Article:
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30 December 2012
Ancient burial rituals uncovered in Maryland

Since 2009 archaeologists have uncovered a trove of prehistoric Native American artifacts along the Patuxent River (Maryland, USA) indicating the spot was a gathering place for thousands of years. This year's dig at Pig Point uncovered what appears to be a ritualistic burial place with five or more oval pits with human bone and artifacts dating from 230 BCE to 620 CE.
     "It looks like this was ritual central for 850 years or more," county archaeologist Al Luckenbach said. "This casts all the things we discovered in the first three years in a completely different light. It is a hell of a mystery."
     Years ago, deposits of what is known as Adena flint - tools, arrow and spear points and pipes made of stone found only in quarries in Ohio - have been found along a line stretching from Ohio to Delaware.  
     Luckenbach was thrilled to have found a couple of intact sections of Adena tube pipe in the previous Pig Point digs. "Now we have 80 to 100 of them," he said. But it was the bones that opened up an entirely new realm of discovery.
"We were finding all these pieces of bone. For a few weeks we didn't know they were human. Until we saw teeth," he said. Curiously, all the bone found is long bone, arm or leg bone, and skull fragments. There are no pelvic bone, spine, rib bones.
     Early Native American tribes engaged in reburial rituals. Every year, 10 years, or more, a group would gather the remains of their dead and commit them to a common burial ground. Ossuaries held the the dead whether nothing but skeleton or fresher remains. But the bodies were intact, or mostly so. The difference at Pig Point is that all the bones were smashed, broken on purpose. And so were thousands of artifacts such as fancy Adena points, beads, gorgets, and other items. All broken into bits. "These are perhaps the most significant discoveries ever made by the project," Luckenbach said. "It is an opportunity to uncover a type of ritual behavior never before seen by science."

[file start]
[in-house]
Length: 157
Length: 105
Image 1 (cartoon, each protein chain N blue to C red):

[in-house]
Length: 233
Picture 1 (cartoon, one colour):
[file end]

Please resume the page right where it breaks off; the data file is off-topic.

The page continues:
An excavated pit, which was filled with ash and the fractured bone, points, pottery and such, shows evidence the Native Americans returned to the same pit, uncovered it and added more material over the years. "Were they ancestors, or enemies? Or could these be offerings to the gods." Questions abound. "This is unreported ritual behavior. The groups repeatedly gathered at this site to trade, fish, conduct rituals and arrange marriages," Luckenbach said.
     Other scientists agree. Chris Goodwin, of R. Christopher Goodwin and Associates in Frederick, said that "Although there are other Adena sites, this one is very different because of the amount of material... and the presence of apparently ritual behaviors." Pig Point's "impact is significant, it can answer a lot of questions about this period," said Darrin Lowrey, of the Smithsonian's Museum of Natural History and the University of Delaware. "The way humans treat their dead will tell you a lot about what is going on."
     The remains, once studied, will be re-buried yet again, Luckenbach said. He has contacted the Piscataway tribe in Maryland to offer them the chance to perform the burial of the bones using rituals they see fit.

Edited from Capital Gazette (22 December 2012)

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